I should really take a break from it, but the classroom is chilly...
Saturday, August 19, 2006
Gert loves the cat with every fiber of her being in ways that make her want to rush at the cat, scoop her up into her arms, and carry her throughout the house. The cat, while tolerant of Gert most of the time, does not like to be picked up and loved quite that hard.
No matter how many times the cat runs from her, Gert continues to try and pick her up. Sometimes I find Gert crouching beside my bed and peering under it, saying, "Kismet! Come on out to me, sweetie! I'm just going to love you…" It's heartbreaking, really.
The other day, she asked Gary if we could get a new cat. He asked her why, and she wailed, "Kismet doesn't love me!"
The kid needed a cat of her own.
This is not usually how cats are born:
But this is no usual cat:
And this Kismet lets Gert pick her up whenever she wants:
Friday, August 18, 2006
The cello is a huge-ass piece of instrumentation. This thing is as tall as my daughter and probably weighs more.
But she's very excited about it, and as Gary and I are both hardcore band nerds* we are excited right along with her.
As you'll see by the asterisk down below, we're all about the woodwinds and brass, but we're in full support of the cello. I told Matilda she was the first member of her family to play a stringed instrument, which is kind of like being the first person to go to college. Full speed ahead, we're with you all the way, but we don't have the first clue about anything you're doing!
After school yesterday, I took Matilda up to the local music store and asked about renting a cello. She can play the school cellos in class, but she needs one at home to practice with. They fitted her for one, tuned it, and handed me some paperwork to sign. It costs $200 to rent a cello for the school year. That's a lot of cannoli, but okay. Then they asked me if we wanted the $25 service policy which protects against blah, blah, and blah.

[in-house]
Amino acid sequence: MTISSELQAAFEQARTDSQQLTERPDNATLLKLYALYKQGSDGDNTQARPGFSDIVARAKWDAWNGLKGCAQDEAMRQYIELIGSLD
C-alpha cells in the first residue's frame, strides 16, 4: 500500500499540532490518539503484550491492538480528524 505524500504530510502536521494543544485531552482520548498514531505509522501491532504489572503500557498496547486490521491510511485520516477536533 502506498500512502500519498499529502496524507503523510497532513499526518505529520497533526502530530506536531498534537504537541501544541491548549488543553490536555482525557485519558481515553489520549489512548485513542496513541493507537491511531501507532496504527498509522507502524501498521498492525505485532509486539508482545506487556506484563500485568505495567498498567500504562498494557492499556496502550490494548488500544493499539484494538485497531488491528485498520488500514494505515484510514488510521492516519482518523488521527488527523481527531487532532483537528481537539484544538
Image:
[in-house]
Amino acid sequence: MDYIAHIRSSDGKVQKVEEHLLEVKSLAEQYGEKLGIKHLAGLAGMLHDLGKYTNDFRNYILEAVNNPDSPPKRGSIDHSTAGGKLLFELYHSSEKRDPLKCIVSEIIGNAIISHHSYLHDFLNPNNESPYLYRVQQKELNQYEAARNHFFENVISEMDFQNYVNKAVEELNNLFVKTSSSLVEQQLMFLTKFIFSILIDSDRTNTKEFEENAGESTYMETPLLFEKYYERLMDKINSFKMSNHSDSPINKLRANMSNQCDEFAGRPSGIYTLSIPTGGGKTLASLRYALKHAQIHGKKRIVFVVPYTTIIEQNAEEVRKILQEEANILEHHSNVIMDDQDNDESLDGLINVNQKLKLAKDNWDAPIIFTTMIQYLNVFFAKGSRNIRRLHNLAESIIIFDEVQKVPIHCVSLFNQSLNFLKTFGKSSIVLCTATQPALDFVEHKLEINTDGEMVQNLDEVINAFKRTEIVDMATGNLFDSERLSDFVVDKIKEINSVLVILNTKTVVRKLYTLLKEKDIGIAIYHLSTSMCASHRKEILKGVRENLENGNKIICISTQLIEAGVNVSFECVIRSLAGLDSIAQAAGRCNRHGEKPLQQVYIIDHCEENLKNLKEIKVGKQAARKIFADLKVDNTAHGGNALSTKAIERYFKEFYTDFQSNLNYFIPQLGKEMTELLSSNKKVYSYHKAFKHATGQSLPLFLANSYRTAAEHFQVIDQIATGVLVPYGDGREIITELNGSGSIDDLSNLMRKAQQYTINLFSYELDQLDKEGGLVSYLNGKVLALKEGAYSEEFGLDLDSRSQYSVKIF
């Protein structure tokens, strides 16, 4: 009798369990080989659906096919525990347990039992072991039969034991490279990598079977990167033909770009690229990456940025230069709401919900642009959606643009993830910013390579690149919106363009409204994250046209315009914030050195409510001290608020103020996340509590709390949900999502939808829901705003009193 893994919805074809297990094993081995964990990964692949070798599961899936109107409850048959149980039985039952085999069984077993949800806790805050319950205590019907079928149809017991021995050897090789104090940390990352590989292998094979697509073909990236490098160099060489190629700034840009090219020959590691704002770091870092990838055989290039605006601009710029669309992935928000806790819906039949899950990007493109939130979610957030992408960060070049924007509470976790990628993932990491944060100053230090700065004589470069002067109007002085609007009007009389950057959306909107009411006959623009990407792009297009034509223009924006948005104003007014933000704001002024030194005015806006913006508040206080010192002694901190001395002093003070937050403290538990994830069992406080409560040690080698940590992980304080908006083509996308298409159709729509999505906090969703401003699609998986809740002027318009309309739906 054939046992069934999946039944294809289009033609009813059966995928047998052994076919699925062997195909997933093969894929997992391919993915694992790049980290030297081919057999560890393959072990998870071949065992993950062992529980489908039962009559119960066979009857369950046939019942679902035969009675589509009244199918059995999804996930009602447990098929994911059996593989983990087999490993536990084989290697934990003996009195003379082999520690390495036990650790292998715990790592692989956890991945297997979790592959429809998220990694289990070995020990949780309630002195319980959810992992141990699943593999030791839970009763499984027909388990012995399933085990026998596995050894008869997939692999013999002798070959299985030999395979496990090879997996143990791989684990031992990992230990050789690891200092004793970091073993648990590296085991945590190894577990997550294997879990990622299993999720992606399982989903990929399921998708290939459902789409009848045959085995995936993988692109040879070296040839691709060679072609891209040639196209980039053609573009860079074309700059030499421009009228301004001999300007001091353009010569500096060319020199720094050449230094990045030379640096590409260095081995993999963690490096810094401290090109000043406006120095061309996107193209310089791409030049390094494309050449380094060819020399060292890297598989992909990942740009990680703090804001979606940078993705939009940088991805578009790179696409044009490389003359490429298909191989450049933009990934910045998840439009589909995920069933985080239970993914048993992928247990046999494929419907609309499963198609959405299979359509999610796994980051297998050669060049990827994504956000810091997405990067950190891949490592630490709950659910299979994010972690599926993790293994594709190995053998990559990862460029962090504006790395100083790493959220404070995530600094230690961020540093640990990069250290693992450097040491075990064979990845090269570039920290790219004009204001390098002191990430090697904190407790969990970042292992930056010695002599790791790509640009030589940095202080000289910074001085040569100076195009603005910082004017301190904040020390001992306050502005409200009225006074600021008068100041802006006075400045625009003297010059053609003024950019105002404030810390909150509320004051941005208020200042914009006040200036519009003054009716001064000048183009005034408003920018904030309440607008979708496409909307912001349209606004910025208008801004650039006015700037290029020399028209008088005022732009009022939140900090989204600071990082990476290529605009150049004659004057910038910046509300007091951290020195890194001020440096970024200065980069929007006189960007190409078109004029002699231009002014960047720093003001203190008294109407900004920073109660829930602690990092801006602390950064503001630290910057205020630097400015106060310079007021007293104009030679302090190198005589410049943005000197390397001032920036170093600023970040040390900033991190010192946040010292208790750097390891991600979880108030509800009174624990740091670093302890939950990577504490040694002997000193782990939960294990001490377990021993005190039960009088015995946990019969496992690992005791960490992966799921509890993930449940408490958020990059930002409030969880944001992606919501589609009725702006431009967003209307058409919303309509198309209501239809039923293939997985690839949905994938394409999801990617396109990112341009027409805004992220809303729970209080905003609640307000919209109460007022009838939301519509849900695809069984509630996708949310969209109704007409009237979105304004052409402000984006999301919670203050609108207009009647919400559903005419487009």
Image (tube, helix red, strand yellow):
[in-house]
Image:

I have a policy of saying no to service policies.
No thanks, I said. We're just going to use this one at home. It'll be fine.
Those of you English majors paying close attention here will pick up on that subtle instance of foreshadowing.
On the way home, Matilda decided the cello was a girl cello and named her Chellie.
She couldn't wait to start experimenting, and as soon as we pulled into the garage, Matilda leapt out and lugged Chellie off to the den. She popped in the instructional DVD that came with her essentials book.
Gertrude was extremely interested in all this. She parked herself on the sofa to watch as Matilda perched on the edge of a dining room chair, balancing the cello between her knees and practicing her posture as the DVD instructed.
I checked to be sure she was all set up, then I went out into the kitchen to chat with Gary. I still had the yellow receipt copy in my hand, and I plunked it down on the counter to show him.
I said, "Wow. Two hundred and--" I glanced down at the total. "WHAT?"
"What?" said Gary.
"I told them we DIDN'T want the service policy, and here it is checked 'service policy' and they charged me the extra $25!"
"Well, what’s the service policy?"